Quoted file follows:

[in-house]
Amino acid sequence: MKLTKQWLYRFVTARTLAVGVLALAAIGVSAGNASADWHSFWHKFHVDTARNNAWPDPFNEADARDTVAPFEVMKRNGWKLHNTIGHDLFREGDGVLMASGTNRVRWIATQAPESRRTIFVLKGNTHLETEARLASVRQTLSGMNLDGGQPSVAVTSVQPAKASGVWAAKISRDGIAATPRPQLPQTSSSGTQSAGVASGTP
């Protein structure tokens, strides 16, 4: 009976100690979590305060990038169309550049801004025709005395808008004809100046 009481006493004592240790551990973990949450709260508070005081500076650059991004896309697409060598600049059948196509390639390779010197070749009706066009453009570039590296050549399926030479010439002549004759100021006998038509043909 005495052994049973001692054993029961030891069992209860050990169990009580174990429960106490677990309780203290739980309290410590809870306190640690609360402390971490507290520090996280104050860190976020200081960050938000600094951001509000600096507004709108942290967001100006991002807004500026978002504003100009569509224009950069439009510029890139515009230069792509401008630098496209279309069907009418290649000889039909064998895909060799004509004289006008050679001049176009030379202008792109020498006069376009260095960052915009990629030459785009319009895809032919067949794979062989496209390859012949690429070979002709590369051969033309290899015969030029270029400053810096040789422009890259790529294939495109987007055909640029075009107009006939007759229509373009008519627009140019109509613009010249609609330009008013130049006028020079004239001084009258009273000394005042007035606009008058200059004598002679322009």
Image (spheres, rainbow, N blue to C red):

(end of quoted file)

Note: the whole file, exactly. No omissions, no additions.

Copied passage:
[in-house]
Amino acid sequence: MKLTKQWLYRFVTARTLAVGVLALAAIGVSAGNASADWHSFWHKFHVDTARNNAWPDPFNEADARDTVAPFEVMKRNGWKLHNTIGHDLFREGDGVLMASGTNRVRWIATQAPESRRTIFVLKGNTHLETEARLASVRQTLSGMNLDGGQPSVAVTSVQPAKASGVWAAKISRDGIAATPRPQLPQTSSSGTQSAGVASGTP
């Protein structure tokens, strides 16, 4: 009976100690979590305060990038169309550049801004025709005395808008004809100046 009481006493004592240790551990973990949450709260508070005081500076650059991004896309697409060598600049059948196509390639390779010197070749009706066009453009570039590296050549399926030479010439002549004759100021006998038509043909 005495052994049973001692054993029961030891069992209860050990169990009580174990429960106490677990309780203290739980309290410590809870306190640690609360402390971490507290520090996280104050860190976020200081960050938000600094951001509000600096507004709108942290967001100006991002807004500026978002504003100009569509224009950069439009510029890139515009230069792509401008630098496209279309069907009418290649000889039909064998895909060799004509004289006008050679001049176009030379202008792109020498006069376009260095960052915009990629030459785009319009895809032919067949794979062989496209390859012949690429070979002709590369051969033309290899015969030029270029400053810096040789422009890259790529294939495109987007055909640029075009107009006939007759229509373009008519627009140019109509613009010249609609330009008013130049006028020079004239001084009258009273000394005042007035606009008058200059004598002679322009």
Image (spheres, rainbow, N blue to C red):